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Notes on Directing: 130 Lessons in Leadership from the Director's Chair

4.19 of 5 stars 4.19  ·  rating details  ·  238 ratings  ·  24 reviews
At last in paperback, the brilliant primer on directing for film and theater that Dame Judi Dench calls "a gem--witty and full of insight."

Five years ago, Frank Hauser, a retired director, and Russell Reich, his former student, co-wrote Notes on Directing, which Reich self-published. It was immediately acclaimed as a timeless classic--and is now finally available in a pape
Paperback, 160 pages
Published September 2nd 2008 by Walker Books (first published January 1st 2003)
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Second reading.
After directing four stage productions and one radio play it can be quite useful to review the work one does as a director. I decided to look back on my work and think about how I can improve as a director. Notes on directing provide easy tips on directing, being the opposite of a treatise on directing it provides practical hints as to how to improve as a director and handle actors.

The advice leans heavily toward the British style of theater: the script is at the center of it all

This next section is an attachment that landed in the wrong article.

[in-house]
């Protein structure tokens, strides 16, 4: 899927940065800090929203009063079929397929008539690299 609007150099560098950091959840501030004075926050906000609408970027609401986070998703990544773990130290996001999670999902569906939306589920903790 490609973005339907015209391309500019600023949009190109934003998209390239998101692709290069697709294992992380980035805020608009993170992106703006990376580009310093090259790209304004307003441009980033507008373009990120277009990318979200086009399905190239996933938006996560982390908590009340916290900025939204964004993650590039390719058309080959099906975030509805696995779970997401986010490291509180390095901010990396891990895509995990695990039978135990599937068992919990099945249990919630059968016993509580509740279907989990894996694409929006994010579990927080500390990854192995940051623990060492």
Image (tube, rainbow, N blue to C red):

This was quite good. It's a slim little tome, an adaptation of the even more terse notes on directing shared by Frank Hauser with apprentice director Russell Reich. Reich fleshes the 130 suggestions out with just a few examples and extra text. The suggestions here are suggestive rather than exhaustive, that is, the advice is simply put but gets the reader thinking about how he or she would put the principles into practice.

In particular, there's plenty of good advice about blocking and about work
I must say I greatly enjoyed the book. My interest is non-professional although keen because I find acting and directing really have a key to self-knowing, self-challenging and accepting the world with more senses that you are used to do. Besides you may have also noticed/felt that these people have the great potential to be leaders and influencers in the broadest sense of the word. At the end it is all about the big science of life – how to communicate with people to make them feel encouraged t ...more
David Wagstaff
Directing is far trickier than being president of the United States. Diplomacy and nuance are required in copious amounts. The temptation to talk too much is taller than the Tower of Babel. The responsibility is absolute. There are few books of any help. David Mamet's On Directing Film and Three Uses of the Knife are essential for the simple reason that they deal with practical considerations clearly stated. Notes on Directing is the same. In fact, it is a sort of Strunk and White of how to do t ...more